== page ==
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Tuesday 18 May |
Saint of the Day: St. John I
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How can we make the most of our retirement years?

Ignasi De Bofarull - published on 01/12/21

A little planning can make these "golden years" a wonderful and refreshing time.

Most people look forward to retirement as the “golden years,” when we can enjoy the fruits of our past professional labor. But it’s also common for people to retire and realize they have no idea what to do with themselves.

Let’s imagine a case that isn’t rare: A young retiree who has a decent pension and whose younger spouse continues to work. The retiree has two alternative options: He can close himself off little by little, or take the bull by the horns.

A retiree with no plans

As retirees, we might joyfully begin our paid permanent vacation, and simply say to ourselves, “It’s time to rest.” By “rest,” we might mean getting up late, taking naps and walks, spending time on hobbies and friends, and other ways of relaxing!

In this scenario, we make no plans and let life surprise us. And life will indeed surprise us, because without plans, without a goal and without a timetable, there is no life.

Retirees have the freedom to decide how to use their time, and due to age and circumstances will surely live at a more leisurely pace. But we can’t spend all our time on the “dolce far niente,” or “pleasant idleness.”

Indeed, “doing nothing” ceases to be “sweet” when it goes on too long and comes with a lack of human contact and sloth. At some point, we might look in the mirror and ask how we got here and why we’re not happy. “Doing nothing” a path to loneliness.

And what does the mirror say back to us? It says one simple thing: “Yes, this is retirement. The newspaper is not enough and not all your friends have the same tastes as you. Wake up, get moving!”

A schedule

A wise first step to taking the mirror’s advice is to make a schedule—and follow it.

Geriatric medicine suggests walking as an essential activity. This also makes it easier to meet friends in similar situations who are willing to take a walk. It’s good for us to get up early for a stroll! If we can, it’s good take a bus or drive a bit so we can go for a walk in a nice park, or in the countryside.

Getting up early is difficult, but it’s beneficial. If we set a time to wake up, instead of tossing and turning between the sheets, we can jump out of bed with an idea in mind: “This is going to be a good day, at least as far as it depends on me.”

This approach means living according to our own will. We shouldn’t live according to a fickle will, but according to being in love with life, and with being the best spouse, parent and grandparent we can be.

We might feel like saying, “I’ve already been a good, hardworking parent when my life, children, work and spouse required it.” But that’s not good enough. The work continues for two reasons: It provides energy and direction to our activities, and because it makes us more amiable and cordial.

Becoming a good cook can be fun

Daily grocery shopping can be a good idea, especially if the groceries are used to prepare fresh home-cooked meals. Every one of us can be a cook!

As retirees, we can enjoy preparing a simple meal so that our spouses find everything ready when they come home. We should make it a healthy meal that’s both tasty and well chosen to satisfy our dietary needs as senior citizens.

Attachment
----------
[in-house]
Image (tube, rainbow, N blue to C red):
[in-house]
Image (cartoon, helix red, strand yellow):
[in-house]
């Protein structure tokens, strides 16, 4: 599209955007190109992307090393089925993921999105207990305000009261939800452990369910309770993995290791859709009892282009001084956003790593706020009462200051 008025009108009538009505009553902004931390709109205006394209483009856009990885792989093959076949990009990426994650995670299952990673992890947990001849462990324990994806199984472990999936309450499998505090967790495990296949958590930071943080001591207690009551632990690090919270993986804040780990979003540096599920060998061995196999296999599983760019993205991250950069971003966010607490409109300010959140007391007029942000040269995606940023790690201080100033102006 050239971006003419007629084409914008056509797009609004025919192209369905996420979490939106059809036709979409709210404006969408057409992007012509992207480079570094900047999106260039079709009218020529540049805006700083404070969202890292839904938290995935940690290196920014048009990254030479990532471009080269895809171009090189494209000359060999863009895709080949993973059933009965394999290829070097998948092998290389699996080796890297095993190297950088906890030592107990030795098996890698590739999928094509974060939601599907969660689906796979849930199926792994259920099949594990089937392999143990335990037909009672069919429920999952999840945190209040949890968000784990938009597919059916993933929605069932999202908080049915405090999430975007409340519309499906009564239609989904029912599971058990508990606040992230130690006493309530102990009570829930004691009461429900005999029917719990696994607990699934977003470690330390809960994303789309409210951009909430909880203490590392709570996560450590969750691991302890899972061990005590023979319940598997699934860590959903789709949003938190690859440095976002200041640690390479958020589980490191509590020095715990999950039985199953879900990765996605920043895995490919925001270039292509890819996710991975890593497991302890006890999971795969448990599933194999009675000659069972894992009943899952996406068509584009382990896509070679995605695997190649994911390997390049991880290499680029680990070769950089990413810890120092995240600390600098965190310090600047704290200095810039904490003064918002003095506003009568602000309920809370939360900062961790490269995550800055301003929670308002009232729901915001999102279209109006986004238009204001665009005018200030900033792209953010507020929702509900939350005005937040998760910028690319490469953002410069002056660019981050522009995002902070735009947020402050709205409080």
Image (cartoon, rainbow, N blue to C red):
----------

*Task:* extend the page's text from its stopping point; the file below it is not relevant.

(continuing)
After meals, there’s the temptation of taking a nap and watching television. It’s fine to watch the news, but we shouldn’t spend all afternoon in front of the TV. A nap isn’t mandatory, and it’s best if we set an alarm so as not to sleep too much in the afternoon. Everyone knows how much rest they need, and should measure themselves accordingly.

Reading

Today’s libraries are like earthly paradises! You can find newspapers, magazines, books, silence, computers … There’s movement, vitality, and youth. Novels are a good idea. Instead of buying books, let’s check them out from the library. If we don’t like one, we can always bring it back and try a different one.

It helps a lot if we have friends who read, so we can share our thoughts about what we read, and enjoy each other’s companionship. Retirees seek friends to share life. Loneliness kills slowly, and is the antithesis of friendship.

Volunteering

Many towns and cities have activities for retirees at senior centers, such as painting, theater, or music. But in addition to satisfying our own interests, let’s devote ourselves to helping others!

Volunteering has no limits: collecting food for the needy, helping young people learn to read … The list is endless. These activities will fill our hearts with pride, a sense of usefulness, and joy. And we’ll arrive home tired, but full of the desire to tell our spouses how the day went.

All this can be done hand in hand with the Lord. Being retired, we have time to go to Mass during the week, or say a Rosary or other prayer with friends in front of the tabernacle. The Lord’s presence in our lives will help us truly happy.

Above all, let’s remain active, help others, and nurture our relationships with God. Focusing on these things will make us more fulfilled, a better influence, and a more constructive presence for our friends, children, grandchildren, and even for our spouses! If we want to be pleasing to Jesus, we should be pleasing to our spouses first, because this is what He asks us.

Lastly, we can invite our spouses to accompany us on the weekend on our volunteer work or other activities, because they will be retiring soon, too. Retirement as a couple is even nicer!


ELDERLY COUPLE

Read more:
How retirement brings a unique opportunity for married couples


Fatigued, Woman, Old person, Depression

Read more:
How to prepare for a depression-free retirement

Tags:
Catholic LifestyleElderly
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